Besa (Albanian culture)

From Wikipedia, the free encyclopedia
Jump to: navigation, search
"Besa" redirects here. For other uses, see Besa (disambiguation).

Besa is an Albanian cultural precept, usually translated as "faith", that means "to keep the promise" and "word of honor".[1] The only word in Shqip (language of the Eagle) that can be translated as 'faithful' is 'besnik', derived from besa. Besnik for men and Besa for women continue to be very popular names among the people of Shqiperia (land of the Eagle).


Some say that the word 'besa' traces back to the Kanun of Lek Dukagjini, a collection of laws which regulated the Albanian social, economic and religious lives, together with traditional customs and cultural practices of the Albanian society between 1400 to today. Besa is an important part of personal and familial standing and is often used as an example of "Albanianism". However, 'besa' as a cultural principle isn't a word Lek Dukagjini coined for the first time in the Kanun. 'Besa' has been an integral part of the Shqiptar (people of the Eagle), since time immemorial. It represents unity among the different indigenous tribes of that land. The unity of 'besa' ( a moral code that was deemed higher in value than any other imposed religious beliefs on that land) made it possible for the Shqiptar to survive the various forms of ethnic cleansing from various foreign invasions and hostile neighbours.

Besa during World War II[edit]

Besa also means taking care of those in need and being hospitable. During World War II, Albanians saved over 2000 Jews from Nazi persecution.[2] Rather than hiding the Jews in attics or the woods, Albanians gave them clothes, gave them Albanian names, and treated them as part of the family. The concept of besa is incorporated into their culture. Before World War II only about 200 Albanians were Jewish. At the end of the war about 2000 Jews were living in Albania. An award-winning feature film documentary BESA: The Promise (2012) is about American photographer Norman H. Gershman's quest to tell the story of Besa and the Albanians who saved Jews during World War II. This story was featured on CBS News Sunday Morning on November 8, 2009 for the 71st anniversary of Kristallnacht, which occurred on November 9, 1938.[3]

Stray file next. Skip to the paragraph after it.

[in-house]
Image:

Besa related sayings include:[1]

  • Besa e shqiptarit nuk shitet pazarit (the honor of an Albanian can not be sold or bought in a bazaar)
  • Shqiptaret vdesin dhe besen nuk e shkelin (Albanians would die rather than break honor)
  • Besa e shqiptarit si purteka e arit (the Albanians' honor is worth more than gold)

In arts[edit]

Besa is a key theme in the novel Kush e solli Doruntinën (usually abbreviated in English to "Doruntine") (1980), by Albanian novelist Ismail Kadare.[1]

See also[edit]


  1. ^ a b c Kushova, Alma (July 21, 2004). "Besa". Open Democracy. Retrieved 2009-11-08. 
  2. ^ Tabachnick, Toby. "Besa Albanian Muslims took vow to save Jews, photographer says". The Jewish Chronicle. Retrieved 2009-11-08. 
  3. ^ Axelrod, Jim (November 8, 2009). "The Righteous". CBS News Sunday Morning. Retrieved 2009-11-08. 

External links[edit]